Late Night and Weekends Shoots 'Gap Born to Fit' Campaign with P2 HD VariCams

Manhattan-based creative services company Late Night and Weekends produced a wide-ranging advertising initiative for Gap 1969 premium jeans that features theatrical and Web video elements shot with the VariCam 3700, Panasonic’s premier solid-state P2 HD VariCam camcorder.

The ‘Gap Born to Fit’ campaign—viewable at and and in movie theaters across the country—was directed by Late Night and Weekends’ Andrew Zuckerman, who also photographed the print ads. Late Night’s Alex Vlack was executive producer, with Eddie Marritz as director of photography.

Behind the Scenes at "Gap Born to Fit"
Trouble seeing the video above? Click here.

“Gap Born to Fit" is a subtle celebration of the personal style of 10 artists and entrepreneurs who, at a relatively young age, have achieved lifetime goals. They include photographer Anna Gaskell, actors Alessandro Nivola, Sonya Walger, Ebon Moss-Bachrach and Eisa Davis, musicians Anni Rossi and Cassidy, Tom Szaky (founder of TerraCycle), Melissa Kushner (founder of Goods for Good), and Gap fashion designer Patrick Robinson.

According to DP Marritz, the challenge for the cinematographer was to emulate the classic elegance of Zuckerman’s photography, an aesthetic he established in such books as Creature and, especially, Wisdom, a record of a multicultural group of people who have all made their mark on the world. The subjects’ portraits in Wisdom were all photographed by Zuckerman against the same white space, as were the subjects of the Gap ads.


“As we would be shooting against a white cyc wall, I was interested in a camera with extended dynamic range, and because of the demands of projection in movie theaters, I wanted to shoot 4:4:4 in 1080p, criteria that led us to the HPX3700,“ Marritz says. “I also had experience with Panasonic HD cameras, having shot a Puma ‘meta new wave’ industrial with the AG-HVX200 P2 HD handheld [with Zuckerman and Vlack] and video for the Centers for Disease Control with the original VariCam. There are a lot of things I like about Panasonic cameras, especially the color palette.”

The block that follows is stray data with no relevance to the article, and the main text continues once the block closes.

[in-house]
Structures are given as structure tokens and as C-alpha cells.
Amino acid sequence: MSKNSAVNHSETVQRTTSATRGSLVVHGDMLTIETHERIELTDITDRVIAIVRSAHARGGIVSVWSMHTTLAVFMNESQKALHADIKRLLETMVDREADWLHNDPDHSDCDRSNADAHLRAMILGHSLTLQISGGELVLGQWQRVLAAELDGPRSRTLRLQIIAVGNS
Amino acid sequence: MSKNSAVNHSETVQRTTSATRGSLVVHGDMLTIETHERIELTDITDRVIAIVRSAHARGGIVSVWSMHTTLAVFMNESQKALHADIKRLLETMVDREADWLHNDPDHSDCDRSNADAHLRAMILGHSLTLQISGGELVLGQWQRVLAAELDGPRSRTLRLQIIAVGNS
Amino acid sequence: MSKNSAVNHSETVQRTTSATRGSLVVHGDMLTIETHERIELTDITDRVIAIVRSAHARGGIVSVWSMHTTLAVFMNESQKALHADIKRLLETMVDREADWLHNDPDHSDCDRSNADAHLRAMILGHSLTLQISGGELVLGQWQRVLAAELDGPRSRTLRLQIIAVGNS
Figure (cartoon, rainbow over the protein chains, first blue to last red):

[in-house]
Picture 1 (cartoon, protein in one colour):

Veteran independent cinematographer Marritz specializes in documentary features, for which he has been widely honored. His credits include the Oscar-winner Maya Lin: A Strong Clear Vision, and Emmy nominee for Best Cinematography In Memoriam: 9/11 New York City for HBO. He was the DP for the celebrated 2008 theatrical release Young@Heart (Fox Searchlight), and he recently completed photography on Mysterious Human Heart for PBS, which received an Emmy for Best Science Series in 2008. Upcoming is the documentary Still Bill, directed by Vlack and Damani Baker.

“Born to Fit" was shot in June at Silver Cup East (Long Island City, NY). Three days of shooting were preceded by one day of pre-lighting. The production rented three AJ-HPX3700s from Abel Cine Tech (New York, NY). There were 10 discrete sessions with the subjects, who sat on the same plain wooden stool against the white cyc as Zuckerman engaged them in unscripted conversation about their work. There is no mention of the product, other than the visual reference of their all wearing Gap 1969 jeans.